Having an organisation like the Bournemouth Symphony Orchestra on our doorstep is nothing but a privilege but it is a typical scenario that so many of us in Dorset have never actually experienced one of their performances. I was looking forward to attending Wednesday evening’s ‘Russian Masters’ programme despite no prior knowledge of the pieces being performed. I consider myself in the camp of those who enjoy the sensory journey of pure musical indulgence, giving my active mind a much needed rest, yet having just a tiny bit of knowledge of classical music.

I took a friend with me who is a talented self-taught musician but has never attended one the BSO’s performances before. There was a small cynicism as to what he may expect, but it was rewarding to see a whole different response immediately following the opening upbeat works of Mikhail Glinka, the overture to Ruslan and Ludmilla, and the Valse from A Life for the Tsar. He was sold. He told me that his mind was blown and was keen to see them perform again.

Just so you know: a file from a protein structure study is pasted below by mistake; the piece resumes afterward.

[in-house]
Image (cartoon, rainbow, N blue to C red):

Conductor Kees Bakels took us on a roller coaster journey across every section of the orchestra, with magical moments of the flute that were so purely pitched it was almost too good to be true.

The main work of the night was Rachmaninov’s Third Piano Concerto, performed by the young and incredibly impressive Czech pianist, Lukás Vondrá?ek. The passion behind the performance was intense and the deserved applause brought everyone to their feet. Lukas had us all in the palm of his hand and the energy in the room as a result was palpable.

I genuinely believe these weekly performances in the season are for everyone, for novice and expert alike. They will undoubtedly transport you to a better place after a challenging day. You feel a part of something quite incredible and I was excited to see the BSO gain another unexpected fan in my friend that evening. Your soul is crying out for it……